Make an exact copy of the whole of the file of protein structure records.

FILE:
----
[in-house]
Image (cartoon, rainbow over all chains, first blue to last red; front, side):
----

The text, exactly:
[in-house]
Image (cartoon, rainbow over all chains, first blue to last red; front, side):